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    Practitioners, academics, public officials, funders, and others are gathering in downtown Boston today for the Third Annual Conference in Civic Studies at Tisch College, Tufts University. Its title is “Frontiers of Democracy: Innovations in Civic Practice, Theory, and Education." Paula Ellis, Vice President for Strategic Initiatives, and Damian Thorman, National Program Director, are both representing  Knight Foundation at the conference.
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    Today in Washington, the FCC is unveiling a new report that offers practical ways public policy can improve the environment for local accountability journalism, which has suffered significant cutbacks in recent years as traditional media struggle to make the transition to the digital age. We’re proud that the FCC’s effort was inspired by the Knight Commission on the Information Needs of Communities in a Democracy, which in 2009 set out a vision for promoting informed, healthy communities into the future. The Commission offered 15 recommendations to help Americans meet their local information needs, including: setting new standards for universal broadband, strengthening public media and ensuring that governments are transparent.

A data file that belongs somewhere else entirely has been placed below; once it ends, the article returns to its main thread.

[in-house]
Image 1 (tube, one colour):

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    O’Miami, a county-wide poetry festival, is under way. Its ambitious goal: for every single person in Miami-Dade County to encounter a poem during the month of April. Produced by the University of Wynwood and funded by Knight Foundation, O, Miami is a month-long series of events and projects with the simple goal of every person in Miami-Dade County finding a poem. Mixing traditional readings with innovative poetry-in-public-places projects, the festival will weave poetry into the fabric of the city’s existing infrastructure and cultural life. Events will be conducted in multiple languages, sometimes simultaneously, often in collaboration with other cultural organizations. O, Miami culminates in a four-day series of readings from April 27-30, 2011 at the Frank Gehry-designed New World Symphony Hall on Miami Beach. Read a Knight Arts interview with O'Miami founder Scott Cunningham. Or read this Miami Herald story about O'Miami. For more information, check out its Web site.